His attention to the information had been "the best I have ever seen it" and he would raise his hand to answer questions, something he had never done before. “What was he doing?” she asked, “I want all my students to know how to use this to help them stay focused and alert.”

I love this story.  The benefits of EFT are proven yet again and the innocence of childhood is such that there is just an acceptance to the technique without the skepticism of many adults.  Of course regardless of how one feels about the technique, the results are often quite remarkable, yet the willingness to ‘just do it’, as Dale did in the classroom, is interesting.  

I wonder whether Dale’s willingness stemmed from changes Dale was aware of, curiosity as mommy had been tapping, or some other factor? What's more, the teacher’s receptivity to the technique is a constant response I have seen many times over, people eager to try EFT on witnessing another’s remarkable benefit. However, I do wonder if EFT will become commonplace in schools?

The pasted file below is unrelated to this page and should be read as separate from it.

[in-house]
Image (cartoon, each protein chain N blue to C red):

Helen P Bressler


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Author's Bio:

Helen holds a bachelor’s degree with suma cum laude honors from Oxford Brookes University and is certified in EFT, Z Point and Professional Coaching. Helen is also a registered nurse and ordained minister. She has over two decades of experience in the area of self-development; and works with individuals, groups and couples with great success.

Her wealth of experience and knowledge make her invaluable in the area of self-development. She is widely renowned as a self development expert and transformational coach and has helped hundreds transform their lives.